Based in U.S., Outsource Strategies International (OSI) is an MOS company, experienced in providing medical billing and coding services for diverse healthcare specialties including cardiology, orthopedic, pain management, chiropractic, neurology and geriatrics.

In today's podcast, Meghann Kiernan, one of the Senior Solutions Managers with Outsource Strategies International discusses documentation of cardiomyopathy using accurate ICD-10-Codes.

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Hi everybody and welcome to our podcast series. My name is Meghann Kiernan and I'm a Senior Solutions Manager with Outsource Strategies International. Today I'll be discussing with you how to document cardiomyopathy with accurate ICD-10 codes. First, let me tell you a little bit about cardiomyopathy. Cardiomyopathy is a progressive disease of the myocardium or heart muscle that makes it harder for the heart to pump blood to the rest of the body. This is a lifelong serious condition which can lead to heart failure. Often, the exact cause of this condition is unknown as it can be the result of other conditions or passed on from a parent. This is often the case when the disease occurs in children. Types of cardiomyopathy include – Arrhythmogenic right ventricular dysplasia, Hypertrophic, Dilated and Restrictive cardiomyopathy. Diagnosis by an expert cardiologist is crucial for reducing the associated symptoms and effectively treating the different types of cardiomyopathy.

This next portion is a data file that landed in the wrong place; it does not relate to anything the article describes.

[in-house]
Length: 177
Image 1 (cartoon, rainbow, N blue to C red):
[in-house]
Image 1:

What are the Symptoms of Cardiomyopathy?

Generally, there might not be any signs or symptoms in the early stages of this heart condition. However, as the disease advances, several signs and symptoms appear including –

  • Breathlessness with exertion or even at rest
  • Swelling of the legs, ankles and feet
  • Chest pain
  • Heart palpitations
  • Fatigue and dizziness
  • High blood pressure, and
  • Coughing while lying down

If left untreated, the signs and symptoms tend to get worse. In some people, the condition worsens quickly, whereas in others it might not worsen for a long time.

How Do We Diagnose and Treat Cardiomyopathy?

Initial diagnosis of this includes a detailed physical examination wherein the physicians will enquire about the personal and family medical history and ask about the typical symptoms which the patients face (for instance, whether exercise brings on your symptoms). Several imaging tests such as chest X-ray, Echocardiogram, Electrocardiogram (ECG), Cardiac catheterization, Treadmill stress test and Cardiac MRI and CT scan will be conducted. In addition, blood tests and other genetic screening will be performed.

Treatment modalities for this condition will vary and depend on the type of cardiomyopathy you have. Prominent treatment modalities include Medications, Radiofrequency ablation, septal ablation and surgically implanted devices (such as Implantable, Ventricular assist device (VAD) and Pacemaker. Severe cardiomyopathies may prove difficult to control or treat with medication, diet, or other nonsurgical interventions. In such situations, surgical procedures such as septal myectomy and heart transplant may be a considered as a final option.

Let's talk about how to code cardiomyopathy. Cardiology medical coding involves the use of specific ICD-10 codes to document any such conditions, including cardiomyopathy. ICD-10 codes used to indicate a diagnosis of cardiomyopathy for reimbursement purposes includes code I42.0 to I43. For the whole list of the coding discussed in this podcast, please refer to the transcript below.

I hope this helps. But always remember that documentation as well as a thorough knowledge of payer regulations and guidelines is critical to ensure accurate reimbursement for the procedures performed.

Thanks for joining me and stay tuned for my next podcast.